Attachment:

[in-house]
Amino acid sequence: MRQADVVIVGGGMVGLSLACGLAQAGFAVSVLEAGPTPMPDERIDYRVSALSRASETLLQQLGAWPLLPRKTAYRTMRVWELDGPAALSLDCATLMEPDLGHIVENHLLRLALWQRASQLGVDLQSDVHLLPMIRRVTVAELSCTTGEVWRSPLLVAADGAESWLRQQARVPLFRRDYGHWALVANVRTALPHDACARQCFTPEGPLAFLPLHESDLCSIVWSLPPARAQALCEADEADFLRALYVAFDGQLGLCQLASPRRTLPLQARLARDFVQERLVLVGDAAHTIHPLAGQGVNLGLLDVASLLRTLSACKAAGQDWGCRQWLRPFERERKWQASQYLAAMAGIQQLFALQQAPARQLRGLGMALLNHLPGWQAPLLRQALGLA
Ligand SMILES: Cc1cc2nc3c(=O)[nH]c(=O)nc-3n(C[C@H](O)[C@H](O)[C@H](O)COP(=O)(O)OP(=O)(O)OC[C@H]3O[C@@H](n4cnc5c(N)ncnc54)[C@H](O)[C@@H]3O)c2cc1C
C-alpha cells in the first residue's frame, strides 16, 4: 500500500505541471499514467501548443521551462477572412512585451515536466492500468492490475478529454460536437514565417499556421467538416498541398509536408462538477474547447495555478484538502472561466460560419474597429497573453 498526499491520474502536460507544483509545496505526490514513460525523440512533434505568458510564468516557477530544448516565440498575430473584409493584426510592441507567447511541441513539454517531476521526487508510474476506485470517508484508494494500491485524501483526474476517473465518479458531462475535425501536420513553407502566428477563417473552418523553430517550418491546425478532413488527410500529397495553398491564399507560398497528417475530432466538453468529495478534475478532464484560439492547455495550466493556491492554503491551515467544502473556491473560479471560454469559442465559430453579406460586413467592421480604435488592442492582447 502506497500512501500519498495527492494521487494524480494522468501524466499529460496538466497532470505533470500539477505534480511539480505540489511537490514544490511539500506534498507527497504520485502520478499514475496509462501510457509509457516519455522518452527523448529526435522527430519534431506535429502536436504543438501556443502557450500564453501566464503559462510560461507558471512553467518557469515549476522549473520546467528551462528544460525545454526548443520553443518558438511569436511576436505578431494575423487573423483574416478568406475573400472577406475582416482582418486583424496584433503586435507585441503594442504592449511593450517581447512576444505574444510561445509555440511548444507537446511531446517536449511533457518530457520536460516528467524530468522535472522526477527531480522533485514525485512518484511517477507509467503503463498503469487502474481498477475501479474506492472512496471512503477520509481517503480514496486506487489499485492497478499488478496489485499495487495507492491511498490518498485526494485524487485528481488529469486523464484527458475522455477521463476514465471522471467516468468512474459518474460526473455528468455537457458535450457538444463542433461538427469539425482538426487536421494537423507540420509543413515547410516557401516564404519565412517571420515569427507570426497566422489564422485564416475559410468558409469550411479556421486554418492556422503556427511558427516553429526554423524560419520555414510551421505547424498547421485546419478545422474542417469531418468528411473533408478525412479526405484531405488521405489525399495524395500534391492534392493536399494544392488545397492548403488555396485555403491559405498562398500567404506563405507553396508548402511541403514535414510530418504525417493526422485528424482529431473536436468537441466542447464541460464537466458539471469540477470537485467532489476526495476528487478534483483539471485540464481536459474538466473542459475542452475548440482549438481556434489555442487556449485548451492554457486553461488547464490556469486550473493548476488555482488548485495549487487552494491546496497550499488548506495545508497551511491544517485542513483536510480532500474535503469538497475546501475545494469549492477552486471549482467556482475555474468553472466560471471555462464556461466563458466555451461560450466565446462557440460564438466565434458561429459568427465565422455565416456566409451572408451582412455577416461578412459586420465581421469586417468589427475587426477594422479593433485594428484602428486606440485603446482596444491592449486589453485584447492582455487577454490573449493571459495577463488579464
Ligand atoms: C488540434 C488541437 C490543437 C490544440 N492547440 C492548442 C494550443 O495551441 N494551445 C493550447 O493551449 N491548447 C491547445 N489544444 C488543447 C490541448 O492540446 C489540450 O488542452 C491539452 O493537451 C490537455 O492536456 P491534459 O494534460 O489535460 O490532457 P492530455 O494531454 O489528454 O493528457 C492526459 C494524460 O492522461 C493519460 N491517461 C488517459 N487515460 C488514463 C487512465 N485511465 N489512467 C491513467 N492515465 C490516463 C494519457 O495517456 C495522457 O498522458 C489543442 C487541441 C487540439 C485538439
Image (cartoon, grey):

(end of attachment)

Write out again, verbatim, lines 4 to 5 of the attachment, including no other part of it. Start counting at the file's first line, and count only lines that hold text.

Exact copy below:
C-alpha cells in the first residue's frame, strides 16, 4: 500500500505541471499514467501548443521551462477572412512585451515536466492500468492490475478529454460536437514565417499556421467538416498541398509536408462538477474547447495555478484538502472561466460560419474597429497573453 498526499491520474502536460507544483509545496505526490514513460525523440512533434505568458510564468516557477530544448516565440498575430473584409493584426510592441507567447511541441513539454517531476521526487508510474476506485470517508484508494494500491485524501483526474476517473465518479458531462475535425501536420513553407502566428477563417473552418523553430517550418491546425478532413488527410500529397495553398491564399507560398497528417475530432466538453468529495478534475478532464484560439492547455495550466493556491492554503491551515467544502473556491473560479471560454469559442465559430453579406460586413467592421480604435488592442492582447 502506497500512501500519498495527492494521487494524480494522468501524466499529460496538466497532470505533470500539477505534480511539480505540489511537490514544490511539500506534498507527497504520485502520478499514475496509462501510457509509457516519455522518452527523448529526435522527430519534431506535429502536436504543438501556443502557450500564453501566464503559462510560461507558471512553467518557469515549476522549473520546467528551462528544460525545454526548443520553443518558438511569436511576436505578431494575423487573423483574416478568406475573400472577406475582416482582418486583424496584433503586435507585441503594442504592449511593450517581447512576444505574444510561445509555440511548444507537446511531446517536449511533457518530457520536460516528467524530468522535472522526477527531480522533485514525485512518484511517477507509467503503463498503469487502474481498477475501479474506492472512496471512503477520509481517503480514496486506487489499485492497478499488478496489485499495487495507492491511498490518498485526494485524487485528481488529469486523464484527458475522455477521463476514465471522471467516468468512474459518474460526473455528468455537457458535450457538444463542433461538427469539425482538426487536421494537423507540420509543413515547410516557401516564404519565412517571420515569427507570426497566422489564422485564416475559410468558409469550411479556421486554418492556422503556427511558427516553429526554423524560419520555414510551421505547424498547421485546419478545422474542417469531418468528411473533408478525412479526405484531405488521405489525399495524395500534391492534392493536399494544392488545397492548403488555396485555403491559405498562398500567404506563405507553396508548402511541403514535414510530418504525417493526422485528424482529431473536436468537441466542447464541460464537466458539471469540477470537485467532489476526495476528487478534483483539471485540464481536459474538466473542459475542452475548440482549438481556434489555442487556449485548451492554457486553461488547464490556469486550473493548476488555482488548485495549487487552494491546496497550499488548506495545508497551511491544517485542513483536510480532500474535503469538497475546501475545494469549492477552486471549482467556482475555474468553472466560471471555462464556461466563458466555451461560450466565446462557440460564438466565434458561429459568427465565422455565416456566409451572408451582412455577416461578412459586420465581421469586417468589427475587426477594422479593433485594428484602428486606440485603446482596444491592449486589453485584447492582455487577454490573449493571459495577463488579464
Ligand atoms: C488540434 C488541437 C490543437 C490544440 N492547440 C492548442 C494550443 O495551441 N494551445 C493550447 O493551449 N491548447 C491547445 N489544444 C488543447 C490541448 O492540446 C489540450 O488542452 C491539452 O493537451 C490537455 O492536456 P491534459 O494534460 O489535460 O490532457 P492530455 O494531454 O489528454 O493528457 C492526459 C494524460 O492522461 C493519460 N491517461 C488517459 N487515460 C488514463 C487512465 N485511465 N489512467 C491513467 N492515465 C490516463 C494519457 O495517456 C495522457 O498522458 C489543442 C487541441 C487540439 C485538439